Now, PC gaming isn't at the *center* of gaming like it was, but, is that really a decline? Is it a decline to see the shelves of Babbages and EB lined with used console games in place of PC games? And does that have anything to do with piracy? Or is it that it's far easier for retailers to sell a used console game than a used PC game? Or that the console has become ubiquitous and so the blockbuster games have moved from the PC to the console?

Why can't it be all of the above? We didn't say that piracy was the exclusive cause of the - ahem - "decentralization" of the PC as a platform.

And obviously the used game issue is closely related to the game piracy issue.

Maybe that word 'decline' has to be better defined--to me, it's a relative decline if anything, as new gamers tend to be console gamers and not PC gamers percentage wise. Is that the result of piracy, though? Or is that the result of consoles turning people into gamers that the PC would never have reached in the first place?

PCs are, if anything, more ubiquituous than consoles, and more casual gaming happens on PCs than on consoles (spades, tetris, etc.) So it's hard, in my opinion, to claim that consoles are inherently more casual or more mainstream than PC games.

Cheeze_Pavilion:

incal11:
I'd like to know what is your official opinion about the "piracy" of 10+ years old games ?
(Oh, how much I'd love that one of the Escapist's staff answer me..)

Thank you for your answer , I actually did not expect it.

Oh, if there's one thing this staff will do, it's answer ya. They certainly give as good as they get, and aren't afraid to tangle it up.

Well, someone has to keep you entertained, Cheeze. ;)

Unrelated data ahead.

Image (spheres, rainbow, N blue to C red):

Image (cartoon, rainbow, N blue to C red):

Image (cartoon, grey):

Archon:
Stealing...a synonym for pilfer, filch, and purloin, but it has the virtue of being easily understood in common parlance. "Piracy is pilfering!" lacks bite, no?

I totally agree it lacks bite. Then again, does the word 'stealing' have too much bite? Especially when that word has been taken by one side of the debate the way stealing has? Kinda like the way the words 'life' and 'choice' have an extra dimension in the abortion debate, or when you say 'Republican' in the context of N. Irish politics, it means something way different than when you say it in the context of American politics, and in both cases more than just the simple dictionary definition of that word.

I mean, maybe I'm just being hypersensitive, but to me, choosing to use the word 'stealing' signals to people you line up on one side of the debate, like when you say 'states rights' everyone knows you're talking about curtailing liberal agendas, and not about, say, medical marijuana, or how no one mentioned the phrase "activist judges" in connection with the D.C. gun ban case. Hey--maybe you do, and so that's exactly the word you want to use. However, just thought I'd bring it up, that to me that word not only has bite, but functions as code for a larger stance.

Why is there a disclaimer at the beginning of this question: "Do we need more diversity in games?" that isn't in "Is the used games and games rental business good for consumers and game companies?" and "How much compensation do game creators deserve for making a hit game?"

The straight answers is that we wrote our positions first, then phrased the questions for what we had written as answers.

The philosophical answer is that the question is itself part of the position. For example, if we had asked "Do game creators deserve compensation for making a hit game", that would have implied that the core issue of compensation for artistic creation was open to question here at The Escapist, whereas as written, the question suggests that we are evaluating how much game creation should be valued, relative to other things.